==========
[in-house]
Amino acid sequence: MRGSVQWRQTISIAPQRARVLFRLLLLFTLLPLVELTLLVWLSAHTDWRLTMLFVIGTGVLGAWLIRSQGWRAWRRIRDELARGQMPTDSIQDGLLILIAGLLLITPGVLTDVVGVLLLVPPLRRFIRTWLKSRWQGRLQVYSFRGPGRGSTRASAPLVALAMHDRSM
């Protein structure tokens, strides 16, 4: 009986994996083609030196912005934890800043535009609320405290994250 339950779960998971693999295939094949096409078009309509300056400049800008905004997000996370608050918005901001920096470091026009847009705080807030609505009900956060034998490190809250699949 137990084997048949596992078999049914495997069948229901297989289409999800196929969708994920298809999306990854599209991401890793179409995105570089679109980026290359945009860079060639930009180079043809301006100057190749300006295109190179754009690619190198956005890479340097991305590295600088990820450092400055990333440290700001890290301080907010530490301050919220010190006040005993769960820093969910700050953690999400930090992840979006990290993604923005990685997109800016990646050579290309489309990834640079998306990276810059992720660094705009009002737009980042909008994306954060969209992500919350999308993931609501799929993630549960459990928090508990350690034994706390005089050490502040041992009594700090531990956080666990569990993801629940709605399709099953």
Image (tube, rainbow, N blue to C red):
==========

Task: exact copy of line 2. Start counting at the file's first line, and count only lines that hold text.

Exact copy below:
Amino acid sequence: MRGSVQWRQTISIAPQRARVLFRLLLLFTLLPLVELTLLVWLSAHTDWRLTMLFVIGTGVLGAWLIRSQGWRAWRRIRDELARGQMPTDSIQDGLLILIAGLLLITPGVLTDVVGVLLLVPPLRRFIRTWLKSRWQGRLQVYSFRGPGRGSTRASAPLVALAMHDRSM